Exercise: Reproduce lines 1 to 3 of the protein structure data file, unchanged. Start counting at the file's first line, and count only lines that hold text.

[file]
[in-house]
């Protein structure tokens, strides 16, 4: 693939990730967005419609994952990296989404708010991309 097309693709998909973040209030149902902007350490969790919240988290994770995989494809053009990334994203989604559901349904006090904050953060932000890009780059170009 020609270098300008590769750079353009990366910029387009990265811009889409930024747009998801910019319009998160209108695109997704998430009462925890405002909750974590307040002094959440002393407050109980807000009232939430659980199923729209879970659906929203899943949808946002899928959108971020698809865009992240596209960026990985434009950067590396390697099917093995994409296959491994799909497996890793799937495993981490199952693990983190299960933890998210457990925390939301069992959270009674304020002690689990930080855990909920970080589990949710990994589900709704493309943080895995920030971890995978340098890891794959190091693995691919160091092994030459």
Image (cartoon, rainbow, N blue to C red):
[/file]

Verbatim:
[in-house]
């Protein structure tokens, strides 16, 4: 693939990730967005419609994952990296989404708010991309 097309693709998909973040209030149902902007350490969790919240988290994770995989494809053009990334994203989604559901349904006090904050953060932000890009780059170009 020609270098300008590769750079353009990366910029387009990265811009889409930024747009998801910019319009998160209108695109997704998430009462925890405002909750974590307040002094959440002393407050109980807000009232939430659980199923729209879970659906929203899943949808946002899928959108971020698809865009992240596209960026990985434009950067590396390697099917093995994409296959491994799909497996890793799937495993981490199952693990983190299960933890998210457990925390939301069992959270009674304020002690689990930080855990909920970080589990949710990994589900709704493309943080895995920030971890995978340098890891794959190091693995691919160091092994030459």
Image (cartoon, rainbow, N blue to C red):